Our staff newsletter goes out next week, so that was my next task. I put only a tiny dent in it before turning in. I’m going to have to pay it some attention sometime this weekend.

Bee ye glad

Saturday, mid-afternoon. I’m outside near the lanai. Four or five bees buzz around my head, coming close enough for me to hear the buzzing quite loudly. They seemed a bit aggressive, so I kind of ran out of there. I thought I’d give them half an hour or so to finish whatever they were doing before I went back out, but when I did, they were still there, and they came right at me. This time, after running from them, I stuck around and spied on the area.

There were a small number of bees going into and coming out of the vents in a shed door. The shed, which I don’t use, is right in the area where I spend a lot of time outside, almost every day. I dig bees, but I just couldn’t have them there. I mean, it was very stressful. If a hive had established itself I was going to be severely inconvenienced.

I have friends who’ve kept bees. So I asked on FB, and got some good advice and info. I kind of went with my own impulse, now that I had a little bit of info on bee behavior. It was getting close to sundown, and if the hive hadn’t yet moved in, I didn’t want to give it a chance. So I went out, flung the shed door wide open, propped it open with a lanai chair, and ran.

When I went back out a couple of hours later with a flashlight, there was no evidence any bees had been there at all. Whatever they were up to (possibly scouting hive locales), they decided to move on rather than move in.

Not much of a story, and certainly not worth waiting a week for, but it was a major stress for me in a time when for the most part, I’ve avoided most non-work-related stress.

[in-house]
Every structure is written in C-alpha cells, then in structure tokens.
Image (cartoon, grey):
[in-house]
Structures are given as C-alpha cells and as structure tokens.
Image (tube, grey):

I’m so, so glad it worked itself out. I was seriously not equipped to deal with a problem like that.

Text shooter

I forgot to mention that D, one of my best friends from high school with whom I’ve spent a lot of time since our reunion three years ago, texted me Thursday. She became an empty-nester that year, so after a couple of decades of barely interacting beyond once or twice a year for birthday greetings, we’d hardly been in contact at all. These last few years have been really nice.

For a while, I went monthly to shows with D and another classmate Kathy. Our classmate Derek has been in bands since our high-school days, so seeing his band once a month sorta became our thing. His band had to break up because of health issues for some bandmates, so it put a little dent in our hanging out.

Anyway, it was nice to trade a few texts with her. I have to call her D because of her work. She has to maintain as low a personal online presence as possible, out of caution for her safety and her family’s safety.

I don’t think I mentioned that Penny and I sent a few texts back and forth Thursday about what we’re reading, and about how all this extra time we’re supposed to have working from home hasn’t really panned out the way we thought it would.